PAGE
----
Patients with chronic fatigue syndrome benefit from cognitive behavior therapy

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Researchers from Amsterdam UMC and King’s College London have shown that cognitive behavioral therapy (CBT) is beneficial for people with ME/CFS. They analyzed data from studies involving almost 1,300 patients and found that CBT led to a reduction in fatigue and physical limitations. These results are published today in Psychological Medicine.

We found that CBT led to a clinically relevant reduction in fatigue and functional limitations, as well as an increase in physical functioning. These results provide a clear picture that CBT can be beneficial for a significant number of patients. About half were no longer seriously tired after treatment.”

Professor Hans Knoop, clinical psychologist at Amsterdam UMC and leader of the research group

Who benefits?

It is often assumed that patients who experience an increase in symptoms after exercise, known as post-exertional malaise (PEM), do not benefit from CBT or even that CBT worsens their symptoms. The researchers sought to determine which patients CBT was beneficial for. They found that patients could benefit from cognitive behavioral therapy, regardless of what symptoms they experienced or how ME/CFS was diagnosed.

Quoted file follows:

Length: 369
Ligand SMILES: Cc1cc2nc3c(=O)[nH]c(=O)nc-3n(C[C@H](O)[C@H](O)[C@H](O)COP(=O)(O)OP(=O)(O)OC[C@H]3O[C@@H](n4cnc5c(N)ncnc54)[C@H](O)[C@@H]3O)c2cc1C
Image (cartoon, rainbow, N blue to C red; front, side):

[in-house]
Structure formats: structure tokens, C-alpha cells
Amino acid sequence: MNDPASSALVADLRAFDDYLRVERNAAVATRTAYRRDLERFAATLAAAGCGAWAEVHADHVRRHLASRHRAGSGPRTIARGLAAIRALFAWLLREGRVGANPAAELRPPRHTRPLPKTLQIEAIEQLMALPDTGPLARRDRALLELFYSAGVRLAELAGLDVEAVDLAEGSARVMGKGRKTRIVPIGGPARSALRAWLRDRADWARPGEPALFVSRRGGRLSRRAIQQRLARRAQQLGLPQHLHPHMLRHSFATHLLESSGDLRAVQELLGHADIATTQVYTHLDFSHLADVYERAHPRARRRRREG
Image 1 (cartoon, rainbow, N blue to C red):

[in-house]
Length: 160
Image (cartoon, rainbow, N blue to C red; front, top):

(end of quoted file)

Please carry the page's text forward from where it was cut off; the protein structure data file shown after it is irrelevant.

There were differences between patients in the extent to which they benefited from CBT: younger patients, patients with less functional limitations and patients who were still relatively active benefited more from CBT.

“Reporting more functional limitations and being physically inactive may indicate a more serious illness and this subgroup of patients is likely to require additional or more intensive treatment,” says Tanja Kuut, clinical psychologist at Amsterdam UMC and lead author of this study.

Findings contradict guidelines

In 2021, NICE, the British National Institute of Clinical Excellence, published new guidelines for ME/CFS. In addition to proposing a new case definition for ME/CFS, they concluded that CBT can only support patients in managing symptoms, but cannot be viewed as a treatment that can reduce symptoms and promote recovery. can promote. This conclusion was partly based on the lack of evidence for the efficacy of CBT when certain (new) case definitions of ME/CFS were used to diagnose ME/CFS or when PEM was reported by patients.

The findings of the new study show that CBT can also be effective for patients with PEM and for those diagnosed using the new case definitions. In the eyes of Knoop and Kuut, this is encouraging news for patients and provides guidance for healthcare providers who were unsure which patients to refer to CBT.


Amsterdam University Medical Centers

Magazine reference:

Six, TA, et al. (2023) Does the effect of cognitive behavioral therapy in chronic fatigue syndrome (ME/CFS) vary depending on patient characteristics? A systematic review and meta-analysis of individual patient data. Psychological medicine.

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